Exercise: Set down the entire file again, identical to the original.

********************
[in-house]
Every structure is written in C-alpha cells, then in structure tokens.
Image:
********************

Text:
[in-house]
Every structure is written in C-alpha cells, then in structure tokens.
Image: